Hyde Park, London  

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"The whole of the railings of Hyde Park were torn down by a lawless mob, led on by the Reform League, on July 23, 1866, under pretence of holding a reform meeting in the Park."-- Handbook of London as it Is (1873) by John Murray

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Hyde Park is one of the largest parks in central London, England and one of the Royal Parks of London, famous for its Speakers' Corner.

The park is divided in two by the Serpentine. The park is contiguous with Kensington Gardens; although often still assumed to be part of Hyde Park, Kensington Gardens has been technically separate since 1728, when Queen Caroline made a division between the two. Hyde Park is 350 acres (140 hectare/1.4 km²) and Kensington Gardens is 275 acres (110 ha/1.1 km²) giving an overall area of 625 acres (250 ha/2.5 km²), making this park larger than the Principality of Monaco (1.96 square kilometres or 485 acres), but still smaller than New York City's Central Park (3.41 square kilometres or 843 acres). To the southeast (but outside of the park) is Hyde Park Corner. Although, during daylight, the two parks merge seamlessly into each other, Kensington Gardens closes at dusk but Hyde Park remains open throughout the year from 5 am until midnight.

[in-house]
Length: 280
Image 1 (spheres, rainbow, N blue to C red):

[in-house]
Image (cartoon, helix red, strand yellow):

Unless indicated otherwise, the text in this article is either based on Wikipedia article "Hyde Park, London" or another language Wikipedia page thereof used under the terms of the GNU Free Documentation License; or on research by Jahsonic and friends. See Art and Popular Culture's copyright notice.

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